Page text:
Steve Jobs’ claim to his biographer that he had “finally cracked” the secret to building an Apple-worthy TV has had the same effect on Apple watchers that Fermat’s Last Theorem had on mathematicians.
In 1637, Pierre de Fermat scribbled his famous conjecture (involving number theory) in the margin of a mathematics textbook, adding that he had found an “elegant proof ” of the hypothesis but that the margin lacked the space to include it.
Fermat then died before he could publish his purported proof, and mathematicians spent the next 358 years trying obsessively to recover his secret.
Though speculating about Apple’s TV intentions was already a cottage industry among analysts, Jobs’ cryptic comment, followed by his untimely death, sent the hunt into overdrive. Fortunately, it looks like we won’t have to wait 358 years to learn the answer.
Once Apple introduced the iPhone 4S with the Siri voice-recognition interface, New York Times Bits blogger Nick Bilton, who had spent a year obsessively hunting the Apple TV across the supply chains of Taiwan and China, announced that Siri was the secret key to which Jobs was alluding.
Simply by talking to their Apple TV, Bilton claimed, users will be able to elegantly and easily navigate among apps, interactive services and live TV without scrolling through endless menus or fumbling with a remote.
As it happened, however, Fermat was either wrong about having found a proof for his theorem, or he was pulling everyone’s leg. When the definitive solution was finally published — by British mathematician Andrew Wiles, in 1995 — it was anything but elegant and relied on branches of mathematics that were unknown in Fermat’s time.
So how much faith should we have in Jobs’ claim to have finally cracked the secret to an elegant interactive TV experience? Certainly some, based on everything else Jobs accomplished in his lifetime, but I’m reserving judgment for now. Unless that interface can integrate with the content and services that consumers want to watch on their TVs, it’s just a slicker remote control. And there’s no guarantee that Siri will be able to integrate with those services.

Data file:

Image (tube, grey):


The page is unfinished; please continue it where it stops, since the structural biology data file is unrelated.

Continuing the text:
At the GigaOM RoadMap conference this week, thePlatform CEO Ian Blain showed off the new cloud-based TV interface that his company has built for Comcast, which owns thePlatform. While perhaps not as innovative as Siri, it’s likely to have one distinct advantage over Apple or any other third-party user interface: access to all the content and services available on Comcast’s linear cable, VOD and broadband platforms.
Just how jealously pay-TV providers will guard access to their offerings by third parties was obvious last year with the introduction of Google TV. Despite Google’s search prowess, Google TV was unable to index content on users’ DVR or on the VOD platform of their pay-TV service provider without the consent of the service provider. Only Dish Network gave its consent.
Google is now rolling out a new version of Google TV, with much-improved navigation and a more intuitive interface. But, as Google’s Shanna Prevé acknowledged at this week’s Streaming Media West conference, it, too, will be unable to integrate DVR recordings or VOD offerings without service-provider buy-in, which is no more likely to be forthcoming this time than it was the last time around.
Both Apple TV and Google TV will come with native app stores, TV-optimized browsers and access to plenty of over-the-top content, of course. But unless Apple has figured out a way to gain access to service providers’ own content offerings, Steve Jobs’ last theorem remains an unproved hypothesis.